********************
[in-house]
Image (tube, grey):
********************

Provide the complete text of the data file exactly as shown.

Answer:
[in-house]
Image (tube, grey):